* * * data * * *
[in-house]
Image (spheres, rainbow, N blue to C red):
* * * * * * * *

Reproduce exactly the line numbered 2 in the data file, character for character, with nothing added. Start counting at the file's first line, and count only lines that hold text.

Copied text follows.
Image (spheres, rainbow, N blue to C red):